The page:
(Image Source: Modernhumorist.com)If you haven't heard, a 32 year old woman from Minnesota was found guilty of illegally file-sharing 24 songs. The jury decided that each song was worth $9,250! So, she must pay $222,000. I think that her lawyer sucked! He took the stance that she did not do it, which was proven by her MAC and IP addresses, password protected PC, and email addresses over the years using the nickname that she used on KaZaA. One side note, I hate KaZaA, but I digress.
What really pisses me off about this is the music industry once again bullying people of who OWN songs and how we take away money from the artists when we copy and share. Um no, not so. It seems that they must forget that the industry usually gets anywhere from 70-90% of the profits...are we still bitching about the artist not getting any money. Also, how can you own the bits in my computer and then charge me over $9000 per song.
Richard Gabriel, a lawyer and spokesperson for the recording industry, was quoted as saying ""This does send a message, I hope, that downloading and distributing our recordings is not okay." Nice gloating on his part. Way to take down a 32 year-old-woman downloading 24 songs, boss! You sure did show her!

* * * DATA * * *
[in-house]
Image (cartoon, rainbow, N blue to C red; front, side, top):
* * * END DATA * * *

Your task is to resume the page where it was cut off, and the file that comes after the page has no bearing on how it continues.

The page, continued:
Hmmm....that is an interesting thought. This is totally the appropriate time to protest this kind of litigation. Other than not buying from the big record labels what should we do??
[Matt: I thought I'd throw this link into the discussion: A very in depth collection of Wired articles expanding on the trail Mandy is ranting about (not unreasonably, I must add) and all of the details that went into it. My stance on large corporations suing their customers over downloading music that helps them makes money is well documented in the annals (or is it anals?) of DropMyStraw. It really does suck that people like the defendant have to take the wrap (sp?) for the rest of us to wake up and realize how utterly and truly fucked up our copyright, patent, and, for that matter, legal system has become--how desperately we need to take action to reform the creative substructure of our culture. For a totally